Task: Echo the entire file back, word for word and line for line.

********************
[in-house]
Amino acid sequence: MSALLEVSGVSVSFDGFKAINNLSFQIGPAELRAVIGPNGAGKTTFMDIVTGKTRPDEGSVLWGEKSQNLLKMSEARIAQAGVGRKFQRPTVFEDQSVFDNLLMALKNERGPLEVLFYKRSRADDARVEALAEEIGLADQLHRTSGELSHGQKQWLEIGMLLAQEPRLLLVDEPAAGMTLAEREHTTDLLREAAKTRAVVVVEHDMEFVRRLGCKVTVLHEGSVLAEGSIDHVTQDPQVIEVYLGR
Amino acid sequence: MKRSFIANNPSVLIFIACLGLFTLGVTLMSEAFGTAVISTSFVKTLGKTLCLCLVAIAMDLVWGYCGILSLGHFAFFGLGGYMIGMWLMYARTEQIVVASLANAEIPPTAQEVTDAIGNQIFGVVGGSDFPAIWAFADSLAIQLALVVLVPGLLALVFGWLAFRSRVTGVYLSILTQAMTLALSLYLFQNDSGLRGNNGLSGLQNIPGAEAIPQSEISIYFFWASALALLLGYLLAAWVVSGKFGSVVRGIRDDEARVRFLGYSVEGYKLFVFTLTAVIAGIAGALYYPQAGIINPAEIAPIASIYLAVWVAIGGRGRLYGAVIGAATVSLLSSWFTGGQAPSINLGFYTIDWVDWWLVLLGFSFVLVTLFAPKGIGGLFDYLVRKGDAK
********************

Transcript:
[in-house]
Amino acid sequence: MSALLEVSGVSVSFDGFKAINNLSFQIGPAELRAVIGPNGAGKTTFMDIVTGKTRPDEGSVLWGEKSQNLLKMSEARIAQAGVGRKFQRPTVFEDQSVFDNLLMALKNERGPLEVLFYKRSRADDARVEALAEEIGLADQLHRTSGELSHGQKQWLEIGMLLAQEPRLLLVDEPAAGMTLAEREHTTDLLREAAKTRAVVVVEHDMEFVRRLGCKVTVLHEGSVLAEGSIDHVTQDPQVIEVYLGR
Amino acid sequence: MKRSFIANNPSVLIFIACLGLFTLGVTLMSEAFGTAVISTSFVKTLGKTLCLCLVAIAMDLVWGYCGILSLGHFAFFGLGGYMIGMWLMYARTEQIVVASLANAEIPPTAQEVTDAIGNQIFGVVGGSDFPAIWAFADSLAIQLALVVLVPGLLALVFGWLAFRSRVTGVYLSILTQAMTLALSLYLFQNDSGLRGNNGLSGLQNIPGAEAIPQSEISIYFFWASALALLLGYLLAAWVVSGKFGSVVRGIRDDEARVRFLGYSVEGYKLFVFTLTAVIAGIAGALYYPQAGIINPAEIAPIASIYLAVWVAIGGRGRLYGAVIGAATVSLLSSWFTGGQAPSINLGFYTIDWVDWWLVLLGFSFVLVTLFAPKGIGGLFDYLVRKGDAK